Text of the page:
The method may include displaying 1010 on the operator control unit 50 multiple views 52 a-d of at least one of images and video captured by imaging sensors 118, 119, 162, 172, 518 on the mission robot 100 and the repeater 500. This allows the operator 60 of the operator control unit 50 to view a first-person view 52 a from the mission robot 100 and a third person view 52 b-d from the repeater 500 (e.g., a view of the mission robot 100, a view along a drive path of the mission robot 100, and/or a view of the operator 60). In some implementations, the repeater 500 is a mobile robot 500 a and the method includes driving the repeater robot 500 a according to a drive command issued by the remote operator control unit 50. Additionally or alternatively, the repeater 500 can be a stationary communicator 500 b carried by and deployed from the mission robot 100 as a payload.

In some implementations, the method includes executing a control system 210 on the controller 200 of the repeater robot 500 a. The control system 210 includes a behavior system 210 a and a control arbitration system 210 b in communication with each other. The behavior system 210 a executes at least one behavior 300 that influences execution of commands by the control arbitration system 210 b based on sensor signals received from a sensor system 400 in communication with the controller 200 of the repeater robot 500 b. In some examples, the method includes executing a self-righting behavior 300 c on the behavior system 210 a. The self-righting behavior 300 c causes execution of commands in response to receiving an indication of a non-upright orientation to rotate at least one flipper 530 rotatably coupled to the robot body 510 a continuous 360 degrees, causing the main body 510 to flip 180 degrees. A center of gravity CGR of the repeater robot 500 a is located within a rotation envelope of the at least one flipper 530. Additionally or alternatively, the method may include executing a find deployer behavior 300 d on the behavior system 510 a. The find deployer behavior 300 d causes execution of commands to ascertain imagery of a surrounding environment using an imaging sensor 518 in communication with the controller 200 of the repeater robot 500 a, identify a deployer of the repeater robot 500 a (e.g., the operator 60 or the mission robot 100), and orient the repeater robot 500 a to capture the deployer in a field of view of the imaging sensor 518 of the repeater robot 500 a. This allows the operator to maintain a constant third-person view of himself/herself (for safety) and/or the mission robot 100, with constant manual re-orientation of the repeater robot 500 a.

Various implementations of the systems and techniques described here can be realized in digital electronic circuitry, integrated circuitry, specially designed ASICs (application specific integrated circuits), computer hardware, firmware, software, and/or combinations thereof. These various implementations can include implementation in one or more computer programs that are executable and/or interpretable on a programmable system including at least one programmable processor, which may be special or general purpose, coupled to receive data and instructions from, and to transmit data and instructions to, a storage system, at least one input device, and at least one output device.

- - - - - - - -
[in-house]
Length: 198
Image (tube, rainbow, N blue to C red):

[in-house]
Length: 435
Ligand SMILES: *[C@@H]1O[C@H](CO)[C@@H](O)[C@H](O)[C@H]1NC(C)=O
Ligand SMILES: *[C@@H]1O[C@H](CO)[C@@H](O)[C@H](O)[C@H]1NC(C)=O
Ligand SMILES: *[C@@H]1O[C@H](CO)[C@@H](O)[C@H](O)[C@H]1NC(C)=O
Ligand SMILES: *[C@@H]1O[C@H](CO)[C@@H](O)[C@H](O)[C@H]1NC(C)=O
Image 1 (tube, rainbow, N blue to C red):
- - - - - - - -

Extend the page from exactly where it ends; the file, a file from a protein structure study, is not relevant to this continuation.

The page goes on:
These computer programs (also known as programs, software, software applications or code) include machine instructions for a programmable processor, and can be implemented in a high-level procedural and/or object-oriented programming language, and/or in assembly/machine language. As used herein, the terms “machine-readable medium” and “computer-readable medium” refer to any computer program product, apparatus and/or device (e.g., magnetic discs, optical disks, memory, Programmable Logic Devices (PLDs)) used to provide machine instructions and/or data to a programmable processor, including a machine-readable medium that receives machine instructions as a machine-readable signal. The term “machine-readable signal” refers to any signal used to provide machine instructions and/or data to a programmable processor.

Implementations of the subject matter and the functional operations described in this specification can be implemented in digital electronic circuitry, or in computer software, firmware, or hardware, including the structures disclosed in this specification and their structural equivalents, or in combinations of one or more of them. Moreover, subject matter described in this specification can be implemented as one or more computer program products, i.e., one or more modules of computer program instructions encoded on a computer readable medium for execution by, or to control the operation of, data processing apparatus. The computer readable medium can be a machine-readable storage device, a machine-readable storage substrate, a memory device, a composition of matter effecting a machine-readable propagated signal, or a combination of one or more of them. The terms “data processing apparatus”, “computing device” and “computing processor” encompass all apparatus, devices, and machines for processing data, including by way of example a programmable processor, a computer, or multiple processors or computers. The apparatus can include, in addition to hardware, code that creates an execution environment for the computer program in question, e.g., code that constitutes processor firmware, a protocol stack, a database management system, an operating system, or a combination of one or more of them. A propagated signal is an artificially generated signal, e.g., a machine-generated electrical, optical, or electromagnetic signal that is generated to encode information for transmission to suitable receiver apparatus.